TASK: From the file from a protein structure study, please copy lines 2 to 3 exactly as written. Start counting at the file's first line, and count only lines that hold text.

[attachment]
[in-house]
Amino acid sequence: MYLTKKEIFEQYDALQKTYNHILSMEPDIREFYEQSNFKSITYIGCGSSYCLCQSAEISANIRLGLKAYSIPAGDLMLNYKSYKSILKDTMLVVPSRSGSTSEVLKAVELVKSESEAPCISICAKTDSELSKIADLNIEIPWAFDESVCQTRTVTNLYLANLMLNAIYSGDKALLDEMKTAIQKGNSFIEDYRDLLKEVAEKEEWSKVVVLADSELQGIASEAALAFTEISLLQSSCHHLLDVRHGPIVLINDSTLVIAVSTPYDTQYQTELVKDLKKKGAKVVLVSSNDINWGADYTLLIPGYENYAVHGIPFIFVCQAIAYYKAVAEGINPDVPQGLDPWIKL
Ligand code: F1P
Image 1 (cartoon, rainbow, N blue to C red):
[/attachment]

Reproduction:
Amino acid sequence: MYLTKKEIFEQYDALQKTYNHILSMEPDIREFYEQSNFKSITYIGCGSSYCLCQSAEISANIRLGLKAYSIPAGDLMLNYKSYKSILKDTMLVVPSRSGSTSEVLKAVELVKSESEAPCISICAKTDSELSKIADLNIEIPWAFDESVCQTRTVTNLYLANLMLNAIYSGDKALLDEMKTAIQKGNSFIEDYRDLLKEVAEKEEWSKVVVLADSELQGIASEAALAFTEISLLQSSCHHLLDVRHGPIVLINDSTLVIAVSTPYDTQYQTELVKDLKKKGAKVVLVSSNDINWGADYTLLIPGYENYAVHGIPFIFVCQAIAYYKAVAEGINPDVPQGLDPWIKL
Ligand code: F1P